To make the arbitrage program work, you have to get the credit card’s cash into your account. Usually when the credit card companies extend a 0% offer, they include “checks” that you can use to deposit the funds in your account.
Sometimes, however, they don’t. Instead, they ask you fill out a form with the account number of the credit card you want to transfer the balance from. Or sometimes the “check” they send doesn’t qualify for the 0% offer.
So how do you get around this obstacle?
First, you can call the company that offered the 0% transfer and ask if the will send those funds to your checking or savings account.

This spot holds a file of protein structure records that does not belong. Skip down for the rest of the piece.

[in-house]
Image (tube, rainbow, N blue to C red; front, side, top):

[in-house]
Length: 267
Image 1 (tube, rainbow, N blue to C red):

If that doesn't work, you can use another credit card.
If the card with the balance transfer offer is card 1, then you can use card 2 (if it has a $0 balance) for the transfer. With a credit limit of $30,000 on card 1, you can do the arbitrage program for $29,500.
Do a transfer from card 2 to card 1 for $29,500 by putting the account number for card 2 on the offer form from card 1. Once the balance transfer goes through, you will owe card 1 $29,500 (plus the balance transfer fee). Card 2 will now owe you $29,500.
Call up customer service on card 2 and ask them to so send you a check for your “overpayment.” Once they send you that check, deposit it into your savings account and proceed as normal.
There is more risk involved here. You may lose a month while card two process the large payment, and then processes your refund. And since there are more players involved, there are more opportunities for mistakes.